Mark RzchowskiProfessor of Physics, University of Wisconsin-Madison
Research Area: Experimental Condensed Matter Physics
Specialty: Magnetic nanostructures, scanning probe spectroscopy
Postdoc: Harvard University Physics, 1988-1991
Ph.D Stanford University, 1988
A.B. Washington University in St. Louis, 1982
University of Wisconsin-Madison
1150 University Ave., Madison, WI 53706
Two-dimensional electron gases at oxide interfaces The interface between the perovskite oxide insulators SrTiO3 and LaAlO3 has recently been discovered to host a conducting gas of electrons localized to the interface. We investigate strong correlations in a smiliar electron gas by inserting a single rare-earth oxide monolayer into a SrTiO3 matrix. We find that the conductivity of this interface is determined by strong electron correlations, changing from conductor to insulator. More....
Domain walls in strongly correlated materials Walls between magnetic domains of different orientations have been investigated for many decades. The magnetic structure, the nanoscale size dependence, and electrical thermal scattering are reasonably well understood in many magnetic materials. But in strongly correlated systems, the magnetization gradient at the domain wall can alter the electronic structure of the material, for instance causing an insulating barrier to appear. More...
Ferroelectricity in ultrathin BaTiO3 Ultrathin ferroeelctric materials had long been thought to lose their polarization due to large energy cost of electric fields outside the materials. We measured BaTiO3 films as thin as 3.6 nm and found ferroelectric behavior. The presence of SrRuO3 top and bottom electrodes produces a depolarizing field that stabilizes the ferroelectricity. More...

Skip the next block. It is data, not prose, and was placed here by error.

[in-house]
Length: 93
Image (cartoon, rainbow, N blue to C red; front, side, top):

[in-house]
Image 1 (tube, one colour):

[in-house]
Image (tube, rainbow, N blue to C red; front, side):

MgB2: a two-band superconductor MgB2, a 40K superconductor discovered in 2001, has the unique honor of possessing two almost orthogonal bands that cross the Fermi surface, both of whose electrons become superconducting with different interaction strengths. This leads to two superconducting gaps, two different vortex core sizes, and two different band critical currents - essentially two distinct superconductors in the same spatial location. Low temperature scanning tunneling spectroscopy reveals the gap structure and the band symmetry. More...